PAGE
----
Saturday, November 25, 2006

smart meters

a Canadian version of the smart meter - best I can do

The smart meter is a device tied to a user pays system, where the price of electricity can vary between 7c per kwh in low general usage periods, to 39c per kwh during peak periods. Current usage for most Australians is based on a flat rate. As mentioned in the last post, I currently have three almost identical rates of between 16c and 17c per kwh.

The smart meter is about the size of a lunchbox and it sits in your kitchen – or anywhere you want to put it. It replaces the usual rotating disc meter, and consists of a set of traffic lights, green amber and red, corresponding to low and peak general usage periods.

What’s essential to note with this item is that it’s tied to an overall grid, and it depends on a retailer who works with a user-pays highly variable rate system. When the light is green, that’s the best time to switch on and use your big-ticket electrical items, such as dishwashers, air-conditioners, dryers and the like, if you really have to use them. It’s the sort of device that works well with kids – they’d take great delight in policing adults and their peak and off-peak usage, but also it’s a great educational and awareness tool for them, creating a more or less permanent sense of the importance of electricity usage, and hopefully spilling over into other areas such as the energy efficiency of individual appliances.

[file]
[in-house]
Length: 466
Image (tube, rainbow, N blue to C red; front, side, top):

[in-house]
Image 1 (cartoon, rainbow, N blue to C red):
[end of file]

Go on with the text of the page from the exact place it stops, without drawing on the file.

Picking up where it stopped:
Still, in the current situation with a more or less flat rate operating, the smart meter has limited applicability (I was thinking of a similar sort of device, again replacing the often none-too-accessible spinning-disc meter, which simply monitors household usage rate – that’s to say, it goes into orange when the usage is higher than say, 3 revs per minute in the old spinning-disc measurement, and red when it reaches 6 revs per minute, or whatever. Why hasn’t anyone come up with such a device? Sounds simple to me).

One of the strange things about electricity meters, as it seems to me, is that they’re largely kept hidden away from prying eyes like a dirty secret. It’s almost as if we’re not supposed to worry our pretty little heads about how much electricity we’re using. Let’s bring the electricity meter out of the shadows and into our kitchens and living areas, attach bells and whistles to them, and properly raise awareness of our usage. Yay.



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